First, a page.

FIGURE 5| Hypertrophied odontodes on the lateral margins of head in Corumbataia acanthodela, paratypes, male (left), NUP 22694 and female (right), LBP 19095. Scale bars = 1 mm.

Geographical distribution. Corumbataia acanthodela is known from Rio dos Patos, Rio do Peixe, and Rio Vaivém, all tributaries of the Rio Maranhão, in the headwaters of the Rio Tocantins basin, Goiás, Central Brazil (Fig. 6). The new species was found in clear water of fast-flowing stream with rocks and marginal vegetation.

FIGURE 6| Distribution of Corumbataia species. Yellow circles: C. acanthodela, Rio Maranhão; Green circle: C. anosteos, Rio Piçarras; Blue circle: C. britskii, Rio Sucuriu; White circle: C. canoeiro, Rio Paranã; Orange circles: C. cuestae, Rio Tietê; Purple circle: C. liliai, Rio Correntes; Brown circles: C. lucianoi, Rio Correntes; Red circle: C. tocantinensis, Rio Vermelho; Pink circle: C. veadeiros, Rio Paranã.

Etymology. The specific epithet acanthodela is from Greek akantha meaning thorn, and delos meaning conspicuous, in reference to the hypertrophied odontodes in the head of mature males. An adjective.

Conservation status. Corumbataia acanthodela is known from three localities in the Rio Maranhão basin. The areas where the specimens were collected are mountainous and relatively well preserved, which do not qualify it for threatened status. Therefore, C. acanthodela is here recommended to be categorized as Least Concern (LC) under the categories and criteria of the International Union for Conservation Nature (IUCN Standards and Petitions Subcommittee, 2019).


Britski (1997) described Corumbataia tocantinensis based on material from Rio Vermelho, tributary of the Rio Araguaia (locality of holotype), and from the Rio Maranhão, a tributary of the Rio Tocantins. Here, we found molecular and morphological evidence that the samples from Rio Maranhão (described here as C. acanthodela) form a distinct lineage from C. tocantinensis. Our mitochondrial data analysis showed a high value of genetic divergence between these two lineages (6.0%, Tab 2). Recent DNA barcode studies in loricariids have shown lower values than 6.0%, for valid and morphologically-distinct species [i.e., 2.0% between Neoplecostomus microps (Steindachner, 1877) and N. paraty Cherobim, Lazzarotto, Langeani & 2017; 1.0% between N. botucatu Roxo, Oliveira & Zawadzki, 2012, and N. selenae Zawadzki, Pavanelli & Langeani, 2008; 1.8% between Paralithoxus jariensis (Silva, Covain, Oliveira & Roxo, 2017) and P. raso (Silva, Covain, Oliveira & Roxo, 2017) (Silva et al., 2017); 3.0% between Curculionichthys oliveirai and C. insperatus (Britski, Garavello, 2003) (Silva et al., 2014)].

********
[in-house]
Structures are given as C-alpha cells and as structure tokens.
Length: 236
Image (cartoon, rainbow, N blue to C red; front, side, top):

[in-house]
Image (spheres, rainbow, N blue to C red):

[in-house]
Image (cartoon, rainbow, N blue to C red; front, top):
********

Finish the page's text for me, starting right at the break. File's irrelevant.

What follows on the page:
On the other hand, some well-diagnosed species (Corumbataia britskii, C. cuestae, C. liliai, and C. lucianoi) showed low inter-specific pairwise divergence with their closest relatives (Tab. 1), suggesting recent divergence among these species. Curiously, C. tocantinensis showed a high intraspecific divergence (4.1%), although no morphological differences have been found between these two specimens represented in the tree (vouchers: 11827 and 11477; Tab. 1). This unexpected value of intraspecific divergence may be explained by the high number of mutations (autapomorphies) found in the sequence 11477 (Genbank: KM104484.1), probably caused by error in sequencing or manual editing.

Roxo et al. (2019) recovered a monophyletic Corumbataia including Gymnotocinclus (now a junior synonym of Corumbataia). In their phylogeny, the first lineage to diverge was C. canoeiro, followed by C. veadeiros and the clade formed by C. anosteos plus C. cuestae. Complementary to Roxo et al.’s study, we found a well supported clade (see Fig. 1, BS = 100 and PP = 1), named here as the “Corumbataia cuestae group”, and composed by C. acanthodela, C. britskii, C. cuestae, C. liliai, C. lucianoi, and C. tocantinensis. These six species share three putative morphological apomorphies:

(1) Conspicuous crest of hypertrophied odontodes on head (see fig. 2 in Carvalho, 2008). The conspicuous crest on head is absent in the majority of members of Hypoptopomatinae, such as in Neoplecostomini, Otocinclus clade, Hypoptopomatini, Rhinolekos subclade, Microlepidogaster subclade and in all others species of Corumbataia clade (Microplecostomus forestii Silva, Roxo, Ochoa & Oliveira, 2016, Nannoplecostomus eleonorae Ribeiro, Lima & Pereira, 2012, Curculionichthys Roxo, Silva, Ochoa & Oliveira, 2015, species, and C. canoeiro, C. veadeiros, and C. anosteos). In contrast, we found the derived condition, a conspicuous crest of hypertrophied odontodes in the members of Corumbataia cuestae group and in some members of the Hisonotini and Otothyrini (Carvalho, Reis, 2009; Sarmento-Soares et al., 2009; Roxo et al., 2012).